Eyes on the road – leave your phone alone
2021-03-10 11:37 PST
As March Break lets out and children head outside to keep busy, drivers are reminded to keep their eyes on the road – not on other distractions.
March is Distracted Driving Awareness Month and to help keep communities safe, police across the province will be conducting intensified enforcement and education, and checking for drivers whose attention may not always be on the road.
Every driver out there owes it to each other and to our communities to help keep our roadways safe, said Sandro Piroddi, Kamloops Community Services Support Liaison.
One of the easiest ways to be responsible on the roadway is by giving it your full attention.
While using an electronic device is one of the offences that falls under distracted driving, eating, drinking, personal grooming, reading, pets, and passengers can distract drivers from the road and lead to a ticket -- or worse.
Distracted driving is responsible for more than 25 per cent of all car crash fatalities and is the second leading cause of fatal collisions in the province. Every year, an average of 78 people are killed from fatal motor vehicle collisions in BC because the driver was distracted or not paying attention – 31 of those deaths are in the southern interior.
In Kamloops this month, motorists can expect to see distracted driving signs, check stops, warning letters, and ticketing as reminders of the importance of keeping their eyes on the road and hands on the wheel.
The RCMP Crime Prevention Unit will also be conducting speed and cellphone watch programs in neighbourhoods across the city, as well as an awareness campaign to remind drivers to leave their phone alone.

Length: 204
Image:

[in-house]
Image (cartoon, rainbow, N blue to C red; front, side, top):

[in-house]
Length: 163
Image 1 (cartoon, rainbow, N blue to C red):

If you’d like to be part of the solution and help prevent crime in your neighbourhood, contact us to find out how to join our team of volunteers, said Mr. Piroddi. He added those interested in helping can contact the Kamloops RCMP Community Policing office at 250-376-5099 and ask to speak to a Community Services Support Liaison.
For more tips and information on laws surrounding distracting driving, visit the RCMP’s website
ICBC Fast facts
- • Even short glances away from the road increases your risk of crashing. Leave your phone alone while driving.
- • Almost all drivers (95 per cent) believe texting while driving is risky, yet 38 per cent admit they still use their phone at least one out of every 10 trips.
Tips for drivers
- • Make sure you have everything you need before hitting the road. Reaching for objects on the floor, in the glove box, or the back seat takes your eyes off the road and could lead to a crash.
- • If you find it difficult to leave your phone alone while driving, turn it to silent and keep it out of reach and out of sight. Turn on
Do Not Disturb While Drivingfeatures that will send automatic replies to incoming texts and route incoming calls to voicemail.
- • Even when stopped at a light or in heavy traffic, you’re still driving, and need to be aware of what’s going on around you. You’re less likely to see pedestrians and cyclists when you’re looking at your phone or in-dash screens.
- • Distracted and inattentive driving is responsible for more than one quarter (27 per cent) of all car crash fatalities in B.C.
- • Distracted and inattentive driving is the second leading contributing factor in car crash fatalities in B.C., and on average results in 78 deaths each year. Speed is the first.
- • Every year, on average, 25 people are killed in distracted driving-related crashes in the Lower Mainland.
- • Every year, on average, 31 people are killed in distracted driving-related crashes in the Southern Interior.
Cst. Crystal Evelyn
Media Relations Officer
560 Battle Street, Kamloops, BC V2C 6N4
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